• 1861 - Available on CD-ROM with advanced search and mapping capabilities etc. from the Buckinghamshire Genealogical Society.
  • 1881
    • Available on CD-ROM from the Church of the Latter Day Saints, as part of the National 1881 Census Index.
    • Available on CD-ROM for Buckinghamshire, with advanced search and mapping capabilities etc. from Drake Software.
  • 1891 - Available on CD-ROM with advanced search and mapping capabilities etc. from the Buckinghamshire Genealogical Society.

See also, individual parish pages for further census details.


Church History

  • Photographs of churches in Buckinghamshire.
  • The Quaker FHS have a series of pages on locating Quaker Records in various parts of the UK. There are separate pages for most of the pre-1974 English counties, including Buckinghamshire.

Church Records

Details regarding availability of Parish Registers for a given location can be found listed under the appropriate parish page. These pages include details of the registers either at the Centre for Buckinghamshire Studies, or available as a transcript for purchase, or available for loan as part of a society library (society membership is usually required for the latter).

Both the Buckinghamshire Family History Society and the Buckinghamshire Genealogical Society maintain various databases of Parish Register events - please see their web sites for details of look-up services offered.


Civil Registration

  • Register Offices

Certificates of birth, death and marriage can be obtained from the Superintendent Registrars at the following District Register Offices:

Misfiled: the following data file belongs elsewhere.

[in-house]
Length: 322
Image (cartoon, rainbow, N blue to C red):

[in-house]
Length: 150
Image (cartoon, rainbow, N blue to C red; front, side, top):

• Milton Keynes
  • Slough

Buckinghamshire Registration Service have the own web pages.

  • Registration Districts

The composition of the Civil Registration Districts in Buckinghamshire between 1st July 1837 and 31st March 1930






Historical Geography


Land & Property

Abstracts of Buckinghamshire Feet of Fines (land conveyances) covering 1360-1509

There are a number of historic houses in Buckinghamshire which are open for the public to visit. The following web pages have details of the properties and their opening times etc.


Language & Languages


Law & Legislation








Names, Personal



  • Local Newpapers for Buckinghamshire on the Buckinghamshire Record and Local Studies website, lists both alphabetically, and by area, local newspapers, with details of dates and of locations of holdings in Buckinghamshire and surrounding counties.
  • Extracts from Windsor and Eton Express are available from Richard Heaton's web site.
  • Index to the Leighton Buzzard Observer:- Barbara Quick is currently indexing the Leighton Buzzard Observer, starting with the first paper of 1861. The coverage of this paper includes quite a large area around Leighton Buzzard and therefore includes towns and villages in both Buckinghamshire and Bedfordshire.

Poor Houses, Poor Law

  • Peter Higginbotham's "History of the Workhouse" website, contains a wealth of information on workhouses, including; Poor Law Unions, Union Maps, Timelines, Literature, Photos of workhouses and much more.

Probate Records



The following is a list of societies relating to Buckinghamshire local or family history, and which have an interest in the entire county. Socieities and groups which are for a specific location can be found under the relevant parish web pages.

  • Local History Societies
    • Buckinghamshire Records Society -contact via the Bucks Record Office



Voting Registers